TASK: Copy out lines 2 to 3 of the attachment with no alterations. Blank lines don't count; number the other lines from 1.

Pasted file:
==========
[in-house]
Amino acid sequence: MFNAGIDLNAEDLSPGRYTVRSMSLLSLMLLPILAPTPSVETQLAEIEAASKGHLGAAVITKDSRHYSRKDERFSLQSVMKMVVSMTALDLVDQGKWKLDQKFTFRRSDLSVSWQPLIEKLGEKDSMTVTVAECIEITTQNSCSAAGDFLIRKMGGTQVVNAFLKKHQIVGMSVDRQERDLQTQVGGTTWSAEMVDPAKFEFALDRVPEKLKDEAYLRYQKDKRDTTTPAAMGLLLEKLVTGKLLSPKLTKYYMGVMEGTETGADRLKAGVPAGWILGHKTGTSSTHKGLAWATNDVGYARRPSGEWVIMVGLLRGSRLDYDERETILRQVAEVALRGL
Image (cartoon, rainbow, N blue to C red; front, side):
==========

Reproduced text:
Amino acid sequence: MFNAGIDLNAEDLSPGRYTVRSMSLLSLMLLPILAPTPSVETQLAEIEAASKGHLGAAVITKDSRHYSRKDERFSLQSVMKMVVSMTALDLVDQGKWKLDQKFTFRRSDLSVSWQPLIEKLGEKDSMTVTVAECIEITTQNSCSAAGDFLIRKMGGTQVVNAFLKKHQIVGMSVDRQERDLQTQVGGTTWSAEMVDPAKFEFALDRVPEKLKDEAYLRYQKDKRDTTTPAAMGLLLEKLVTGKLLSPKLTKYYMGVMEGTETGADRLKAGVPAGWILGHKTGTSSTHKGLAWATNDVGYARRPSGEWVIMVGLLRGSRLDYDERETILRQVAEVALRGL
Image (cartoon, rainbow, N blue to C red; front, side):